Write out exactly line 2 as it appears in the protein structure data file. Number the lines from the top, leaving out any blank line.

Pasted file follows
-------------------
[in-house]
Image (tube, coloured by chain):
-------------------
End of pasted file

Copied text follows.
Image (tube, coloured by chain):